I just needed a little bit of a change from playing in a garage rock band full time, so I started putting out pop, and pop rock songs again, and I feel like it was getting received better. People really liked my garage rock, but I feel like more people are listening to my pop rock.
Interestingly, your vocals are very similar for each in that you still have that grittier voice, which isn’t something we get in a lot of pop music right now.
Yeah, I do feel like that, happily, sets me apart a little bit.
The most cathartic thing to do is kind of scream-sing, and I still can do that with this music, which is important for me.
Do you see garage rock as simply being a thing of your past?
No. I miss it, and I’m gonna put that music back out, but I’m gonna put it out as Grit Noise, because just the word Grit (which was the original name of the project), it was really hard to find me. I’m gonna rerelease it, hopefully this year, if not next year. I’ll probably make the first two EPs I did in that project an LP and call them The Early Years.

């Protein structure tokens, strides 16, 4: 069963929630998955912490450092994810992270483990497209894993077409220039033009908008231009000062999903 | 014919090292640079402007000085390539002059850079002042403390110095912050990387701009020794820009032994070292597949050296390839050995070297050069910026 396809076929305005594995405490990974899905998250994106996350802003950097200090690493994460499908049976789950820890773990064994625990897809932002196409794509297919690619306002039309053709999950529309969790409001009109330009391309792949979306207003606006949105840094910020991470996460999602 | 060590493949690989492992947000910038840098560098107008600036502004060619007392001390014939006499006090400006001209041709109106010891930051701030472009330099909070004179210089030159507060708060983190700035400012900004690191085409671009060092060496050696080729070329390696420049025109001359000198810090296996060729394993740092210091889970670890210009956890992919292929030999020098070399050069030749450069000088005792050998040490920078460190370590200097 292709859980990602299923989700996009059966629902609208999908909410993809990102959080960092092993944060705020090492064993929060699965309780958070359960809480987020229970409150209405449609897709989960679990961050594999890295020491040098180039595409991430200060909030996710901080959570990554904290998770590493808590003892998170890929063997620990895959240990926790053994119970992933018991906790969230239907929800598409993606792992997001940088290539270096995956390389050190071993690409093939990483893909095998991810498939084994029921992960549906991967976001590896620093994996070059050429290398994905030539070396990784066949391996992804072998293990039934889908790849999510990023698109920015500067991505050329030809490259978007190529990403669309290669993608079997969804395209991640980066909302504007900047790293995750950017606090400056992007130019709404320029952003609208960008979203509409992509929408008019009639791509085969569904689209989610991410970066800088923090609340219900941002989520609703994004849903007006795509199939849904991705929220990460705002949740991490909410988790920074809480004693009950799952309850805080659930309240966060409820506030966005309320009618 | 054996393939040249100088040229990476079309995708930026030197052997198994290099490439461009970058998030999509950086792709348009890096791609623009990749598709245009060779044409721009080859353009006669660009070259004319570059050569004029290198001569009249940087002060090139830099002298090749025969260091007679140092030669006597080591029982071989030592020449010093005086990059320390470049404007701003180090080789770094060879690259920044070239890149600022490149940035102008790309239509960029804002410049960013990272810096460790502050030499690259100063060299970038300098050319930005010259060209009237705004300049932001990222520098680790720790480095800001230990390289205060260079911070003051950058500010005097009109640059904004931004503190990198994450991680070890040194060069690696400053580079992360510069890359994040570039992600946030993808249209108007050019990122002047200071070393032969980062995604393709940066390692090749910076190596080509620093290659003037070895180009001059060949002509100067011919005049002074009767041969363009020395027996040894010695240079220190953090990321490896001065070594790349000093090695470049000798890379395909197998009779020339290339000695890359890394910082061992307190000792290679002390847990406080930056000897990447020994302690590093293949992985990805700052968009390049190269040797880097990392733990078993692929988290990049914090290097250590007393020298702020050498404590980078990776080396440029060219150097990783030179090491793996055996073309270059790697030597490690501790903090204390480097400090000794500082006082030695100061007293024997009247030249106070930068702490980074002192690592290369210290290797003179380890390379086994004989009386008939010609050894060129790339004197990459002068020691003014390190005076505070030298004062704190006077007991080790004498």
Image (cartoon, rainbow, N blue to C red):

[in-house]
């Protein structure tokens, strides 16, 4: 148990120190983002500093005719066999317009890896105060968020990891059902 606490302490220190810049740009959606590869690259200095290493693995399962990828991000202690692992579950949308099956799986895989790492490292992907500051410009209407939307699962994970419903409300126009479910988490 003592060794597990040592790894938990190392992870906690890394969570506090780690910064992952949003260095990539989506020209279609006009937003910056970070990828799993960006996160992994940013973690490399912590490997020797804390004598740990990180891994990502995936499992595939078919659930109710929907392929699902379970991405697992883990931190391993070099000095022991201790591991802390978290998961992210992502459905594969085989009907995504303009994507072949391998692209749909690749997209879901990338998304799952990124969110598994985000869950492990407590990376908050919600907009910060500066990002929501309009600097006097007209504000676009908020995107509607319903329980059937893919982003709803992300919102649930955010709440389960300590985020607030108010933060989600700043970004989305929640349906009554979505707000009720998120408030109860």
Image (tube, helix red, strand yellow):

I have a lot of unreleased music from that project that I would like to put out, and hopefully one day play out when shows start up again.
Ironically, now garages are gonna be like the main place we can experience live music.
Yeah, and ironically I’m turning my garage into a rehearsal space / studio.
How many people can you fit in your driveway, because if you can fit 100 people you might as well just make it a venue.
You’re so right. I could probably fit, comfortably … I mean standing, probably pack like 40 people in my driveway.
I say go for it. DIY is gonna be the next two years, as far as music venues.
You know what, you’re so right. I didn’t think about that. You are so right. That’s gonna be cool, actually.